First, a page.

UK Release Date: 1st July 2016
Runtime: 108 minutes
Director: Rawson Marshall Thurber
Writer: Rawson Marshall Thurber, Ike Barinholtz, David Stassen
Starring: Kevin Hart, Dwayne Johnson, Amy Ryan, Danielle Nicolet, Aaron Paul
Synopsis: A man who is experiencing a lull in his life after excelling in high school becomes embroiled in a dangerous conspiracy when he is visited by a face from his past harbouring a secret.
Anyone who ever saw Dwayne Johnson cut a promo in WWE as The Rock will know that he is one of the funniest, quickest-witted people on the planet. It’s no surprise in that respect that he has gone on to become a tremendous comic actor, even managing to be something of a bright spot in the moral cesspit that was Pain & Gain. In the shape of Rawson Marshall Thurber‘s Central Intelligence, he has finally found a comedic vehicle that is the ideal vessel for his talents. It’s an often thrilling, frequently hilarious film that sees Johnson playing so off-kilter that he turns Kevin Hart into the straight man.
Calvin Joyner (Hart) was a high-flyer at school, lauded by his classmates. Now an adult, he is married to classmate Maggie (Danielle Nicolet) and working as an accountant, disappointed by his humdrum life. He receives a message on Facebook from a mysterious man called Bob Stone who wants to meet for a drink. It turns out that Bob is the new moniker of Robbie Wierdicht (Johnson), who was bullied for his size at school, but is now a musclebound man with remarkable skills in a bar fight. Calvin lets Bob stay the night, but is visited the next day by CIA agent Pamela Harris (Amy Ryan), who says that Bob is a very dangerous man and is hunting him down.
On paper, Central Intelligence is a fairly standard action thriller, playing Hart’s fish out of water predicament for laughs as the situation becomes increasingly ridiculous and extraordinary. However, the film is far more interesting than that and takes its story in interesting directions, aided by a script written by director Thurber, as well as David Stassen and actor Ike Barinholtz, recently seen in Bad Neighbours 2 and Suicide Squad. The story spins off in interesting directions and even manages to conjure up some decent third act revelations and twists as we question which side Bob is on.
Kevin Hart is solid as Calvin, who brings a surprising poignancy to the role of a man struggling to find his place in the world after leaving the comfortable hierarchy of high school. It’s an unusually straight performance for Hart and one that allows him to keep his trademark frenetic energy under wraps, releasing it only when it’s appropriate to draw the proper reaction. Central Intelligence does a stellar job of using Hart in the right way and using him as a foil for the real star of the movie – Dwayne Johnson.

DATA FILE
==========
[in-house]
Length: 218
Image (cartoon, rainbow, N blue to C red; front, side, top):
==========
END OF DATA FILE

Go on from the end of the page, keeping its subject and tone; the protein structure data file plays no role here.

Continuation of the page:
Johnson has never been better than he is in this movie. Everything about the character and the performance he gives is delightfully off-kilter and really very strange indeed, creating a childlike persona at odds with his muscular appearance and secret service skills. It’s tough to figure out Bob as a character, but Johnson is clearly having a ball in every scene, entirely comfortable with bringing as much joy as possible to a role that could’ve been played really dark indeed. Special mention must go to the heavily trailed opening scene, in which a terrifying CGI approximation of what an obese Johnson would look like dances nude to En Vogue’s ‘My Lovin’ (You’re Never Gonna Get It)’. It has to be seen to be believed.
Central Intelligence is by no means a perfect film and has a rather slapdash feel, as well as slightly incoherent action scenes. As a showcase for the comic talents of its two leads, though, it’s a deliriously entertaining movie that brings the laughs with gleeful abandon. Just about everyone in the world loves Dwayne Johnson and this will likely convert any of the naysayers pretty quickly.
Pop or Poop?
Dwayne Johnson is a comedy star and Central Intelligence is the perfect vehicle for his unique brand of physicality and offbeat humour. Kevin Hart takes a step back to allow his co-star to dominate as the action comes as thick and fast as the laughter.
The gunplay and chases don’t work as well as the straightforward comedy and the sentimentality of the storyline is nonsense, but this is an undemanding studio comedy and it lives and dies on its breezy laughs. It’s the kind of comedy that you will want to keep coming back to over and over again.
Do you agree with my review? Let me know in the comments section.